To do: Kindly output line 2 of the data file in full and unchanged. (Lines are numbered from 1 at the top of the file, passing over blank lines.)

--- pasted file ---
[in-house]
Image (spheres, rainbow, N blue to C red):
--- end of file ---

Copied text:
Image (spheres, rainbow, N blue to C red):